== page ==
When the water was submitted for transfer, the 30+ acre property was seeded with native and dryland grasses to deter weeds. A few years later the diversion structure was removed and the riparian area restored by UDWC.
DRC staff take a morning each year to walk the previously irrigated property and pull noxious weeds. Each year of weed-pulling nets fewer and fewer noxious weeds, though it’s very beneficial to continue pulling as seeds continue to blow in from neighboring properties.
A huge thank you to DRC’s Gen Hubert (left) for organizing this event each year!
The Deschutes River brings so much to our lives. It inspires our runs, walks and rides. Its powerful waters work hard to bring life to our region, but we can live in Bend for many years without knowing how the devastating fluctuations in flows are affecting our river.
For the past two years, the DRC has been engaged in the Upper Deschutes Basin Study designed to develop strategies to meet long-term water needs for our rivers, irrigators and cities.
Over the last two years, the study team has generated a large body of information on the tools available to do this. The Basin Study Work Group (BSWG), a diverse group of stakeholders, co-manages this study with the Bureau of Reclamation. This summer, the BSWG will develop water management scenarios that package tools to generate and move water around to meet needs. In the fall, the Bureau of Reclamation will run these scenarios through its water resources model to help us understand which scenario best meets needs, and the group will evaluate factors like cost and timeliness. The study will wrap up a year from now and will provide the foundation for a broadly-supported long-term plan that takes care of long-standing river issues and our communities.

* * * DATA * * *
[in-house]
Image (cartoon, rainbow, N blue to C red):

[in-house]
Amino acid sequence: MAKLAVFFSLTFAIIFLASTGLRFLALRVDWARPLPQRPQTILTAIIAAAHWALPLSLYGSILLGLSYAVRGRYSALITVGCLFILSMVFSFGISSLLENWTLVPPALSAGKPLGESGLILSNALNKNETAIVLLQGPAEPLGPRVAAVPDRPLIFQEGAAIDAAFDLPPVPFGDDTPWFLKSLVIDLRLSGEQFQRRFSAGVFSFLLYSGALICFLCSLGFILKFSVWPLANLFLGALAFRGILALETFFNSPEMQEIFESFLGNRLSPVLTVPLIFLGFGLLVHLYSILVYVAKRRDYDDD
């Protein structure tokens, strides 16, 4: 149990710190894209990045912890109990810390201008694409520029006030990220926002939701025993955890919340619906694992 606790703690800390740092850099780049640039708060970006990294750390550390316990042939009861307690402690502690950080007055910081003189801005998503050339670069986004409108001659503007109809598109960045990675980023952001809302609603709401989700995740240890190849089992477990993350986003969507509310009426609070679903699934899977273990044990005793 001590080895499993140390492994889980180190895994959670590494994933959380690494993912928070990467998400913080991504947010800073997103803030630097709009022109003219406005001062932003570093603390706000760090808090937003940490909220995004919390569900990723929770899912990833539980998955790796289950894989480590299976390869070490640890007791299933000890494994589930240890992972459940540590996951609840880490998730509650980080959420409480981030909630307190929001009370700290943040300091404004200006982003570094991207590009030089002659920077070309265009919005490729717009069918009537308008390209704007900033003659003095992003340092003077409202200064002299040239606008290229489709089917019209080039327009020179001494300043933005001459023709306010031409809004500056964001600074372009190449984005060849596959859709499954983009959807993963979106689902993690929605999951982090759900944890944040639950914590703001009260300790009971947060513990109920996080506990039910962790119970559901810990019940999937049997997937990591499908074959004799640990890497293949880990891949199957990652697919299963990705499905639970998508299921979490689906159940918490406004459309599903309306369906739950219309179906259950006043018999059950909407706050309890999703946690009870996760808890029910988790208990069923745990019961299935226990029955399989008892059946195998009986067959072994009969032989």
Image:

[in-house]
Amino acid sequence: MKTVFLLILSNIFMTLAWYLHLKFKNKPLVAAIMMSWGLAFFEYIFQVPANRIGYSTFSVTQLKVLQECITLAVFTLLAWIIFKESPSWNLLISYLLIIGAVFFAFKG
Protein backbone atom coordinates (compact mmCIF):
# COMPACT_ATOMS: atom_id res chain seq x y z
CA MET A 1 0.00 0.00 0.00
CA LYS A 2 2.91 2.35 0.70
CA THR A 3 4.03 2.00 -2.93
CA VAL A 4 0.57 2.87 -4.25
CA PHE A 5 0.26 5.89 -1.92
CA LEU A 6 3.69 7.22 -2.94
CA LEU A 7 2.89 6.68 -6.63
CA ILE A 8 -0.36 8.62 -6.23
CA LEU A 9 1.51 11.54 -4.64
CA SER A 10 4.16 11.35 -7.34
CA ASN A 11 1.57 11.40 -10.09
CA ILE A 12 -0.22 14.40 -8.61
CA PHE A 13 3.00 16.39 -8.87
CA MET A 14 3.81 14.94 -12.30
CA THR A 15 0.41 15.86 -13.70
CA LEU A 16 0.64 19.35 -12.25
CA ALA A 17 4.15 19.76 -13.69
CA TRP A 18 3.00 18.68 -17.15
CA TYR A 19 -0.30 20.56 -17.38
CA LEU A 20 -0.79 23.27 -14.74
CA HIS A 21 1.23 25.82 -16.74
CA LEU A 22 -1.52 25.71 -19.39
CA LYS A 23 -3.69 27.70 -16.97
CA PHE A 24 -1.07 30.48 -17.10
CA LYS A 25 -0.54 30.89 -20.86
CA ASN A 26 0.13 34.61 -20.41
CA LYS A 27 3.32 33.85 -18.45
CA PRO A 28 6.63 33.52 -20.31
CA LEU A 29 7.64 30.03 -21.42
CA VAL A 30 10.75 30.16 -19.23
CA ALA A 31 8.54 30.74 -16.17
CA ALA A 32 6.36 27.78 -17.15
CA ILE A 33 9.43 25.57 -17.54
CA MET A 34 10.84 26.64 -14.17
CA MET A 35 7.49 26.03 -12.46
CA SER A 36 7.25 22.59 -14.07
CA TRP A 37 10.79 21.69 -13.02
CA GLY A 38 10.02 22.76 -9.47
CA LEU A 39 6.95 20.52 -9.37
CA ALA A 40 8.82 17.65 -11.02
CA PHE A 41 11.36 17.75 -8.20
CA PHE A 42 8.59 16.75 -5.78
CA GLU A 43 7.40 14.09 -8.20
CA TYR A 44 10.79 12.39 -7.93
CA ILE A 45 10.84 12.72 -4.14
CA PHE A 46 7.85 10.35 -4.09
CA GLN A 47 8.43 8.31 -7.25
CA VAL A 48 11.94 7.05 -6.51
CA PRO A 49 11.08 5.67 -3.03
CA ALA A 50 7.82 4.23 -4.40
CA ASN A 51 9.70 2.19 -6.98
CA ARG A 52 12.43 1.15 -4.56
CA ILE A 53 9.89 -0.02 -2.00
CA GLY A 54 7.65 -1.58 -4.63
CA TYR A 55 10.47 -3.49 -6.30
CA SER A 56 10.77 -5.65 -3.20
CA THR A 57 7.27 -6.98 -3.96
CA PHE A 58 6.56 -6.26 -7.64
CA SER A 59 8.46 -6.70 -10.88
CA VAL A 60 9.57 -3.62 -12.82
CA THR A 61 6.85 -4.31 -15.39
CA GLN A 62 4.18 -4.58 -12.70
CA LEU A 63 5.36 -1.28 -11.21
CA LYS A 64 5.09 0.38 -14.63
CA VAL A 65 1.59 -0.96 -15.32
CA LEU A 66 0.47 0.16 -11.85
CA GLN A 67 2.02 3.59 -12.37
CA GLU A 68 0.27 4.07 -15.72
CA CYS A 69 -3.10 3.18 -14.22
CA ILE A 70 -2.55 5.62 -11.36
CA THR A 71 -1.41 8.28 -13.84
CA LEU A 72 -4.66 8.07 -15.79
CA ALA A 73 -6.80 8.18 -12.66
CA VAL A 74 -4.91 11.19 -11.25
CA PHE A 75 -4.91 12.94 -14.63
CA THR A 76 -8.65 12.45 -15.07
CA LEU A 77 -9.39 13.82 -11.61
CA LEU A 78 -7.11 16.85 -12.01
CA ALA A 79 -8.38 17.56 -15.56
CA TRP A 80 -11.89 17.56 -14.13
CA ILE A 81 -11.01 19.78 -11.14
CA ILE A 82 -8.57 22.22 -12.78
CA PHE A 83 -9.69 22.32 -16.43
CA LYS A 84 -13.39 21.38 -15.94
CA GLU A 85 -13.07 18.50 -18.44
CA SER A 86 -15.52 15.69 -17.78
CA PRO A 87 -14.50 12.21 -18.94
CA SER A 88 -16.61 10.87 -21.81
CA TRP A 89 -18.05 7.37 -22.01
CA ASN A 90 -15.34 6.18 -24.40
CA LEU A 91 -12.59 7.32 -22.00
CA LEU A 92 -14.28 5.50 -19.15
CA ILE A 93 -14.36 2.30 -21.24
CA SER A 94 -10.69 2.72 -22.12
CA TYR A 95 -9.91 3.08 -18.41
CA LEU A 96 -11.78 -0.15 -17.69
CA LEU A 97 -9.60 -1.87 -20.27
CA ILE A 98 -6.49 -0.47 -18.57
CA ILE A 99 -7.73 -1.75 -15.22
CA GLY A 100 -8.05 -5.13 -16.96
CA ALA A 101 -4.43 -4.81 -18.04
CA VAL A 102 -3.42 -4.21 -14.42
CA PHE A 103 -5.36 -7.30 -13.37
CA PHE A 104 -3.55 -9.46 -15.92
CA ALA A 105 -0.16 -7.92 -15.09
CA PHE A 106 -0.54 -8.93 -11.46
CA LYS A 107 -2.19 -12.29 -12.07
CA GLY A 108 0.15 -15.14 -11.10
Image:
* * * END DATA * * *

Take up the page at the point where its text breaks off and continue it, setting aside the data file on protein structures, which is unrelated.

The McKay Water Rights Switch will restore natural flow to the middle reach of McKay Creek by allowing landowners in this reach to trade their private McKay Creek water rights for Ochoco Irrigation District (OID) water rights, sourced from Prineville Reservoir. In exchange for more reliable OID water, McKay landowners will transfer all 11.2 cfs of certificated McKay Creek water rights instream. Restoring the natural hydrograph in this reach of McKay Creek will provide critical habitat for salmon and steelhead, support Crook County’s rural agricultural economy by providing more reliable agricultural water to irrigators, and help stabilize OID’s assessment base for future urbanization by adding patrons. The McKay Creek Water Rights Switch will also provide a great opportunity for the DRC to work with local partners (such as the Crooked River Watershed Council) to remove remaining fish passage barriers along the Creek and restore riparian habitat. The DRC is in the process of signing a MOU with OID and will begin local outreach efforts this summer.